Posts Tagged 'flowers'

Springing

Anemone americanaWhen last we saw some blooming Round-lobed Hepatica, it was the white variety in Brooklyn Bridge Park. Over the weekend, we found a little cluster of the pink variation further north in Black Rock Forest.Veratrum virideWe initially took this pleated beauty for Skunk Cabbage, but further research by the Horticulturalist tells us this is actually False Hellebore (Veratrum viride). Like Skunk Cabbage, it’s a big leafy green that sprouts early, so the two are often confused. This would be a mistake should you be a forager: False Hellebore is quite toxic. Wikipedia gives a host of alternate names: American White Hellebore, Bear Corn, Big Hellebore, Corn Lily, Devils Bite, Duck Retten, Indian Hellebore, Itch-weed, Itchweed, Poor Annie, Blue Hellebore, and Tickleweed. Unlike Skunk Cabbage, the flowers come after the leaves.

Earth Day

In reality, of course, everyday is Earth Day.Asarum canadenseFrom the Black Rock Forest, here’s an emerging Wild Ginger (Asarum canadense) flower. Sialia sialisAn Eastern Bluebird (Sialia sialis).Rana clamitans melanotaAnd some Green Frogs (Rana clamitans), before or after amplexus?

Nature Morte

TulipaThe French for still life is nature morte. Doesn’t that just light up your brain?TulipaThese senescent Tulipa held together a good long week.

And poppin': Yellow Trout-lily

Erythronium americanumThe Trout-lilies (Erythronium americanum) are amongst us once again. These were in Prospect Park; a friend reports them out and about in the far north of the New York Botanical Garden as well.Erythronium americanumThe flower’s tepals curve back like this on bright sunny days, leaving the anthers fully exposed for pollinators. (There’s still not all that much flying, but every day is revealing new insects.) In some specimens of this species, the anthers and pollen are yellow, unlike the red-brown seen here.

The common name seems to come from the mottled pattern of the leaves, like a trout’s scale pattern. Flowering versions have a pair of leaves; non-flowering versions have a single leaf and are usually members of a clonal colony, duplicates of their neighbors. According to Carol Gracie, other names for this flower include Adder’s Tongue, Fawn-lily, and Dog-tooth Violet.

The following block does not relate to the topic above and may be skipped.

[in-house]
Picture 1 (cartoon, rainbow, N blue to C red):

Quintessential spring ephemerals, these aren’t in bloom for long. Look for them (and smell them!). As with all wildflowers, don’t you dare pick them!

Bloodroot

Sanguinaria canadensisBloodroot. What a name, eh? Sanguinaria canadensis has blood-red sap. (The “root” is actually a rhizome.) The sap has historically been used as a dye and for medicinal purposes. Sanguinaria canadensisThey emerge enveloped by the leaf, then shoot above this protective cloak before opening.
Sanguinaria canadensisLook for these on sunny days when they offer their pollen to early-spring fliers. At night and on overcast days, the flowers close.

Hepatica

Anemone americanaA single blooming Anemone in the leaf litter. But more are on the way.

Some interesting taxonomic issues raised by this one: The genus name for this spring ephemeral used to be Hepatica and some still think it is. Hepatica, meanwhile, is used as the common name; it’s also called Liverleaf or Liverwort. I’m not sure which species, A. americana or A. acutiloba, this particular one is (or is that H. american or H. acutiloba)? [I’m taking this info from Carol Gracie’s Spring Wildflowers of the Northeast.]

Signs and Meanings

SalixHamamelisEranthis hyemalisSturnus vulgaris“‘You know my method. It is founded upon the observation of trifles.'” ~ A.C. Doyle.


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